Forex Momentum

The momentum measures the rate of change in closing prices for a currency pair, a stock or commodity. It is often used to detect weakness or inherent strength in a pair and also signals where potential reversal points are, or when trends are about to begin. Understanding momentum will make it easy for us to really understand the fluctuation in the currency exchange market.

The basic way to use momentum is that when you have high momentum readings either severely to the upside or to the downside that usually occurs when a trend is the strongest. At that point, not only have the big-money players come into a particular move, but also the speculators no longer need to be convinced that this is a real trend and they also start entering the market just to get involved.

How to read Momentum

We often find lower readings of momentum at the start or beginning of a trend.  This is mainly because the trend hasn’t built up a massive momentum to one side or the other to really dictate a particular trend or strength. This is key to understanding how to correctly read momentum in the Forex market. When we are in a strong trend either bullish or bearish, momentum precedes price which makes momentum a leading indicator.

Generally, you only want to take a signal from the momentum indicator when it is in line with the dominant trend and if the momentum is going in the opposite direction of the trend it’s recommended to not make a trade. There are several indicators used to measure momentum like the Moving Average Convergence Divergence (MACD), Relative Strength Index (RSI), Stochastic and many more.

The Relative Strength Index

For the purpose of this article, we’re going to use the RSI indicator as our tool to measure momentum. The RSI indicator is one of the most commonly used oscillators among professional FX traders because it tends to be more accurate. The RSI indicator oscillates between 0 and 100 extreme, however, it rarely reaches those levels and usually, it tends to stay within the 20-80 range. The general consensus is that when we have a momentum reading above the 80, traders perceive this as being an overbought condition and vice versa when we have a momentum reading below the 20 traders perceive this as being an oversold condition.

Figure 1: The RSI Indicator

Figure 1: The RSI Indicator

The overbought and oversold strategy is not that reliable because the market can stay within those conditions for a longer period of time before to fully reversing. Because the momentum precedes price we can treat the momentum readings the same way as the price action. When we see breaks in the trendlines for the momentum indicator, they often occur before the breaks in the price action.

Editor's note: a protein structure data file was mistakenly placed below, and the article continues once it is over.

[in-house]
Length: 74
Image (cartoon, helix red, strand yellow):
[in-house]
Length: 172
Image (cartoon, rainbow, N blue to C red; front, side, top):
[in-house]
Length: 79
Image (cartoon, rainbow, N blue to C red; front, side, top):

Think like a ball thrown up in the air, when you throw up a ball in the air it has upward momentum, but when that ball stops the momentum is already turned downward because the acceleration has stopped. This is the same with the price action in the Forex market.  For a pair to fall it means that the momentum has already been falling ahead of the price.

Trading Example

Figure 2: EUR/USD 1H Chart

Figure 2: EUR/USD 1H Chart

Taking a look at the above example we had a strong trendline on the momentum indicator and also some strong upward movement in the price action, and when that TL on the RSI indicator was broken, it was a warning sign that the trend is coming to an end, and we started very serious reversal. Because momentum always goes ahead of price, when we have a break in momentum, it is a warning sign that the market is losing steam and the prevailing trend is about to reverse.


In summary, the momentum RSI indicator is a very simple indicator in design and to understand. It’s a leading indicator because it is one of the few leading indicators out there which are as unique and powerful.  Because you can treat it like price action, it’s very easy to translate the information from the momentum indicator to the price action. The RSI oscillator is good for determining reversal points and thus when to enter or exit a trade.